It finally happened, someone came to their senses and allowed our flight into the small pre-boarding hold area; that made some space in the corridor and people managed to start getting through. When we got inside it became obvious how stupid the whole thing was. With tempers rising outside, people pushing and shoving, some coming to blows, inside the gate was an empty area with enough room for about 100 people, maybe more if pushed, and they wouldn't let people in even to ease the congestion. Seems pretty stupid to me.
The next month, October, we went to Bali. Again, it was the first time for Usa to go there, even though we have been married and lived in Indonesia for 19 months. As Bali is the generally acknowledged Indonesian paradise, that was probably too long to wait. But we went, spent 9 days and enjoyed ourselves. As it was only the second trip for Neil (the previous one was 5 years ago) and the first for Usa we decided to spend time in different places to see what they were like. We spent 3 nights in Sanur, in the Bali Hyatt; 2 nights in Ubud in a hill resort called "Kupu Kupu Barong"; and 3 nights near Kuta (in Legian) at the Holiday Inn Bali Hai. Sanur and Kuta are both beach resorts that have their respective better and worse points. Sanur doesn't have as many tourists or touts and was therefore more relaxing. There were shops close to the hotel, but we found out later that even after bargaining the prices were not as cheap as Kuta. The Bali Hyatt has a nice beach that you can enjoy without being disturbed, but we thought the water was a bit dirty (not the beach, but the water). It also has the advantage of being a sister hotel to the Grand Hyatt in Nusa Dua, which you can go to on a free shuttle service during the day. That hotel is even grander, but as the vegetation is not as well grown (it's a new resort) we thought it was hotter than Sanur. Kuta was relatively inexpensive. The hotel was half the price of the one in Sanur, but there was nothing wrong the place - it was really very nice. They also have special dinner events in the hotel every night which feature good food (usually barbecued) at reasonable prices (like US$11 - US$15 per person for seafood or mixed seafood and meat - as much as you can want!). To get to the shops from the Holiday Inn, though, you had to take transport; once there the range of inexpensive shirts, dresses, handicrafts etc. was amazing. We bought quite a few things. However, the touts were very aggressive and annoying, both in the shopping areas and on the beach. The Holiday Inn has its own "private" beach, but there are still people selling things there, not allowing you to relax and enjoy yourself. We ended up spending time at the pool in both places. In Ubud we stayed in a very exclusive and private resort - there are only 26 bungalows in the place. Each bungalow is a standalone native Balinese hut with modern finish. We only spent two nights there. We were fortunate that one of our friends arranged for a local artist's daughter to show us around the painters' shops & homes; we managed to increase the size of our art collection considerably, at a comparatively modest cost. But now we have been spoiled; we notice that all the paintings we see in Jakarta are too expensive!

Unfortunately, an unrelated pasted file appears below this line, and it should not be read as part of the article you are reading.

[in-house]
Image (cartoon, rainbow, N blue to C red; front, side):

For the home, Neil finally relented and bought a PC. It's an identical unit to the one used in the Citibank Indonesia office to make it easy to exchange data and, yes, work at home when necessary. That has always been the reason we have not bought one until now! The PC we have is a Compaq Prolinea 4/33 (486dx, 33 MHz with 12 MB memory & 240 MB hard disk). We did, however, invest in a better printer than used in the office because we want our letters and documents to look good. Another reason for the good printer is we have both English & Thai Windows and for the Thai characters to print clearly we figured a laser printer would be the thing to have. When in Hong Kong we also bought a CD ROM and sound board. So now we have a multimedia PC. We are using the CD for reference materials (encyclopedia and medical dictionary) and games, but it has to be said that the software companies haven't conquered the technology or refined their offerings yet. They can still be improved a lot. At the moment the reference materials are more impressive than the games.
In closing, both of us here in Jakarta hope you have a happy and successful 1994.